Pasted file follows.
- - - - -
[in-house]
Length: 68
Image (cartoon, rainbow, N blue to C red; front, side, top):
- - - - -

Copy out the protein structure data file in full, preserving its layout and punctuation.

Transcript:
[in-house]
Length: 68
Image (cartoon, rainbow, N blue to C red; front, side, top):